Long-standing calls to uproot structural racism across the world – including in academia – have gained impetus in the wake of George Floyd’s murder. But what does decolonizing the university mean? And how can professors, faculty, students, and academics work to create this change? A webinar conversation with Rodney Coates held July 30 provided a start to answering these questions.
As Europe colonized much of the world, it installed its major institutions – politics, family structure, economic systems, religion, and education – across the United States and Americas, India, Africa, and the Caribbean primarily to guarantee European rule, hierarchies, and identities. As former colonies have struggled to remove the imperial color, their efforts have been stifled in many ways by the institutions that are central to their existence. Within the university, as with all other European imported institutions, white privilege, space, and identity have been not only preserved, but continually reified.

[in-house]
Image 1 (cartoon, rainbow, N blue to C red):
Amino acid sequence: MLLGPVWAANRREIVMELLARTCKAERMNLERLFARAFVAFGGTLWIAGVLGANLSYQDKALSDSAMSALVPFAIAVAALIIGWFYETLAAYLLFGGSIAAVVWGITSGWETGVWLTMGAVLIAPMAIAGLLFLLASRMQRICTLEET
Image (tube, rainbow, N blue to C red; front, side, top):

In this one-hour webinar, public sociologist Rodney Coates, professor of global and intercultural studies and coordinator for Black World Studies at Miami University, Ohio, outlined his 12 steps for accomplishing such decolonization. He’ll explain how and why decolonizing the university means recentering the various voices of peoples of color, taking them from the margins to the core of what the academy is about.
Coates has developed and taught a wide assortment of courses such as “Introduction to Critical Race and Ethnic Studies,” “Introduction to Social Justice,” “Critical Race and Post-Colonial Structures,” “Civil Rights and Social Movements,” and “Human Rights and Social Movements.” His course on globalization, social justice, and human rights, which links universities from around the globe (to include the United Kingdom, Russia, Italy, Spain, British Columbia) has received several awards and been featured in published articles. An essayist, poet and photographer, his academic writing includes being the lead author of the book The Matrix of Race: Social Construction, Intersectionality, and Inequality, published by SAGE (the parent of Social Science Space).